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American Terroir: Savoring the Flavors of Our Woods, Waters, and Fields

By Fine Cooking Editors, editor

August 23rd, 2010

By Rowan Jacobsen

Bloomsbury, $25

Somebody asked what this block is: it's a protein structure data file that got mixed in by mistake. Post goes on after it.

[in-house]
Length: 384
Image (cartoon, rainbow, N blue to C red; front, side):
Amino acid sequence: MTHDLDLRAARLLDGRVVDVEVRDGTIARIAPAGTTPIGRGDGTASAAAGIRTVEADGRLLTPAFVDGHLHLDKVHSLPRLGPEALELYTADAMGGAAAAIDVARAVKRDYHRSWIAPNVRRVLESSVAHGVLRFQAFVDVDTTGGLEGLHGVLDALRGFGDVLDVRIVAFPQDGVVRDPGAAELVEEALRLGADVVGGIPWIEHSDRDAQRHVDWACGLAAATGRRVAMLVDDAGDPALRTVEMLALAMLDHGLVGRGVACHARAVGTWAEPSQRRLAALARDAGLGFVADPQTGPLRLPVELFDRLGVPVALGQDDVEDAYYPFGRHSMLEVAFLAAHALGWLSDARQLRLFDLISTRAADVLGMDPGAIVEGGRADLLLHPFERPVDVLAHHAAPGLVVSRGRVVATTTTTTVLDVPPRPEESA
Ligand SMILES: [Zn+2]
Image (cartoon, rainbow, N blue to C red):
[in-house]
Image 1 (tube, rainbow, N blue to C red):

Anyone who’s read about wine has encountered the French term terroir, which means “taste of place.” Here, award-winning author Rowan Jacobsen investigates how local conditions like soil, water, and microclimate affect the flavors of food. Why are the upland carrots from his neighbor’s farm so singularly tart? And why is Yukon River salmon the richest of all? To sleuth out the answers to such questions, Jacobsen profiles 12 North American foods, from Vermont’s high-mountain maple syrup to coffee grown in Panama’s lush Jaramillo region. At the end of each chapter, he offers resources to help you score the place-specific foods and a few simple recipes that let the ingredients’ terroir shine through.

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